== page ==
Interventions on diet and physical activity – what works; The Workplace.
From: World Health Organisation
- Interventions on diet and physical activity: what works: summary report. World Health Organization 2009
- The paper is a review of the existing literature.
- This report by the World Health Organisation was published in 2009 and was a review of the eligible studies investigating diet and/or physical activity that included human participants and were published in English between January 1995 and June 2006.
- 937 diet studies were chosen for inclusion and 776 physical activity studies.
Multi-component programmes promoting healthy dietary habits and/or physical activity, that:
provide healthy food and beverages at the workplace facilities, e.g. in the cafeteria or vending machines;
provide space for fitness or signs to encourage the use of stairs;
involve workers in programme planning and implementation;
involve the family in interventions through self-learn programmes, newsletters, festivals, etc.; or
provide individual behaviour change strategies and self-monitoring
The Treatwell 5-a-day is a multi-component programme promoting healthy dietary habits. The programme includes exposure to the national 5-a-day media campaigns, promotion of the Cancer Information Service hotline, and a one-hour diet presentation. Two intervention conditions were tested. The first was limited to the workplace, while the second tested a workplace-plus-family arm. The workplace component included worker participation in planning and implementation; programmes aimed at individual behaviour change; and changes in the workplace environment. The family component included self-learning, a family newsletter and an annual festival. Workplaces that included the family component were the most successful and recorded a 19% increase in fruit and vegetable consumption in the intervention group, compared to 7% in the workplace-only group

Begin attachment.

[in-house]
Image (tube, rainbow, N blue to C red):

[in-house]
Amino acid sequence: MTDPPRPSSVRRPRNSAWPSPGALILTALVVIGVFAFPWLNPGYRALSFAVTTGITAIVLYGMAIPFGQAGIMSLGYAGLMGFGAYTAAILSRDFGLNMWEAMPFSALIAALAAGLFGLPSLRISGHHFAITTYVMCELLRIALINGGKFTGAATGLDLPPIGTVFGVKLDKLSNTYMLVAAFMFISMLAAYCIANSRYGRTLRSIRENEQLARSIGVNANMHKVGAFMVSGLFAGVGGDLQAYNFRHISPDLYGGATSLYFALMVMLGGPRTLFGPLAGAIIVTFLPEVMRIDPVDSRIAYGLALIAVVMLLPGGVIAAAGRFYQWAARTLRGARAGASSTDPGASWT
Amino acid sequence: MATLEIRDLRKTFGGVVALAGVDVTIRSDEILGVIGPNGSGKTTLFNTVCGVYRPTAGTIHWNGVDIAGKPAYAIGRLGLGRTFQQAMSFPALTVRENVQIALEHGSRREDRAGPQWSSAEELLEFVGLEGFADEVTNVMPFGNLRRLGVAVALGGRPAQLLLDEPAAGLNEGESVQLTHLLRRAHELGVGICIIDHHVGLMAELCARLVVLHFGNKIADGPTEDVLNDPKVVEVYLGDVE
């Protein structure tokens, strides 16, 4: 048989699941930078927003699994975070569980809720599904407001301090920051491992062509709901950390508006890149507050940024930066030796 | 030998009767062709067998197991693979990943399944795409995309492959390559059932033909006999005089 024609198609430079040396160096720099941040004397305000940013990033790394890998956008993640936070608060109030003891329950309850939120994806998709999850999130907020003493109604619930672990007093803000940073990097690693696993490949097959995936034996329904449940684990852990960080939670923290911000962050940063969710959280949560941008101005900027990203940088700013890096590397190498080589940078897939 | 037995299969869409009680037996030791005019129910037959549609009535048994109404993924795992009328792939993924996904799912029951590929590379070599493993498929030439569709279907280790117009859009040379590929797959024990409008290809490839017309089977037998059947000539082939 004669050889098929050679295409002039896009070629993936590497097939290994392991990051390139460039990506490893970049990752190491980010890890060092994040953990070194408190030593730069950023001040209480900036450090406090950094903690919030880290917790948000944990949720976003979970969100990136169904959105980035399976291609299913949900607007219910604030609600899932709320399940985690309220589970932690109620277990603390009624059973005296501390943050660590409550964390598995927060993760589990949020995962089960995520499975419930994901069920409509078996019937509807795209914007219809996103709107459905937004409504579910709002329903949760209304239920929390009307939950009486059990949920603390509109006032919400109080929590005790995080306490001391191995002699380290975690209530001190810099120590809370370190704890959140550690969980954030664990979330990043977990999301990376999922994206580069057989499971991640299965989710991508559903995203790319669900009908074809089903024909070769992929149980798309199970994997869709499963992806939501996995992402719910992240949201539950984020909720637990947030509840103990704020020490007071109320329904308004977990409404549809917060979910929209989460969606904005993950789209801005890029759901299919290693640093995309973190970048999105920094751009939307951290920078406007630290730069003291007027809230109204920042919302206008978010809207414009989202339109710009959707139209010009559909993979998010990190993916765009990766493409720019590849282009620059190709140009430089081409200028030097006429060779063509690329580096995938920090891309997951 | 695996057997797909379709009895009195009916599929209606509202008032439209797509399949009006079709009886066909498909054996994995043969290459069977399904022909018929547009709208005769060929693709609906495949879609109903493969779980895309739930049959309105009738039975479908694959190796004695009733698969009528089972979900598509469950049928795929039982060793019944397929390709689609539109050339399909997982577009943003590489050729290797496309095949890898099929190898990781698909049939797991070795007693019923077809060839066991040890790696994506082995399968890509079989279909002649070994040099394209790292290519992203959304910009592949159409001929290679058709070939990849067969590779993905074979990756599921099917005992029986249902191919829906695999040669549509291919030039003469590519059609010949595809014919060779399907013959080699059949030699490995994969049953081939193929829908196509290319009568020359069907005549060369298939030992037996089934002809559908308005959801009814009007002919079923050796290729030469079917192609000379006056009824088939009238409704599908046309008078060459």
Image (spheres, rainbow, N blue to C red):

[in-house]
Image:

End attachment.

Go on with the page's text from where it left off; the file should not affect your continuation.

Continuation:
"National and local governments should frame policies and provide incentives to ensure that ... labour and workplace policies encourage physical activity."
- As per the results above.
- Noncommunicable diseases (chronic disease which are not passed from person to person) are by far the leading cause of death in the world today, and their impact is steadily growing. In 2005, 35 million people died from NCDs, which represents 60% of the total number of global deaths in that year.
- A small set of common risk factors is responsible for most of the major noncommunicable diseases: unhealthy diet, physical inactivity and tobacco use. Elimination of these modifiable risk factors would prevent 80% of premature heart disease, 80% of premature stroke, 80% of type 2 diabetes and 40% of cancer.